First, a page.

Quote of the Day April 19 2012

Tidball's Battery


“rode along the line and gave orders to the commanders of batteries to fire slowly and deliberately; stating that the rapid firing did little execution and was a waste of ammunition….a small grizzly man with an effeminate voice….an experienced and able artillerist…”  Charles Cuffell of Durell’s Battery recalls Henry Hunt at the Battle of Antietam.  From Artillery Hell The Employment of Artillery at Antietam by Curt Johnson and Richard Anderson. College Station:  Texas A&M University Press, 1995 page 7.  Originally from Durell’s Battery in the Civil War by Charles A. Cuffel. Philadelphia:  Craig, Finley & Co., Inc 1900, page 78.



Henry Hunt

By the way and speaking of artillery, check out my post at South From the North Woods on the big move of artillery at Antietam which has resulted in 16 new or updated artillery positions at the park.  Henry Hunt would be happy.


Quote of the Day Easter Sunday April 8, 2012

“I am the resurrection, and the life: he that believes in me, though he were dead, yet shall he live”  John 11:25



Quote of the Day April 6, 2012

“Death has been powerfully busy within the past month.”   Ham Chamberlayne a Confederate artilleryman bemoans the heavy casualties in the summer and fall of 1862.  From A Glorious Army by Jeffry D. Wert. New York: Simon and Schuster, 2011 page 147. Originally from Ham Chamberlayne-Virginian: Letters and Papers of an Artillery Officer in the War for Southern Independence 1861-1865. C.G. Chamberlayne, editor. Richmond, VA: Dietz, 1932. page 112.

Quote of the Day March 17, 2012

The John Otto Farm

“He was a Rebel soldier-a young feller-and not very large.  I was skeered, but he was mo’ skeered than I was-certainly he was; and I said, ‘you dirty houn’ you, I have a notion to take you and throw you down those steps…He didn’t say anything.  He left.  I rekon I was too big for him.”  Hilary Watson a slave on John Otto’s farm recounts his return to the house to find a Confederate looter. From Guide to the Antietam Farmsteads by Kevin A. Walker. Sharpsburg: WMIA, 2010, page 103.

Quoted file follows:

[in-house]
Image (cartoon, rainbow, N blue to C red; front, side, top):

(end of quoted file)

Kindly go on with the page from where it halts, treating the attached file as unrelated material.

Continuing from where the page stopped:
Quote of the Day March 15, 2012

The view that Miller's Battery had in the Piper Orchard looking north into the Sunken Road

“that little battery [Miller’s 3d Co Washington Artillery] shot harder and faster, as though it realized that it was to hold thousands of Federals at bay or the battle was lost.” James Longstreet describing the battery in the Piper Orchard that his staff temporarily manned.  Found in Until Antietam The Life and Letters of Major General Israel B. Richardson, U.S. Army by Jack Mason.  Carbondale IL:  Southern Illinois Press, 2009 page 186. Originally from “The Invasion of Maryland,” by James Longstreet in Robert U. Johnson and Clarence C. Buell, eds., Battles and Leaders of the Civil War, New York:  Century, 1887-88.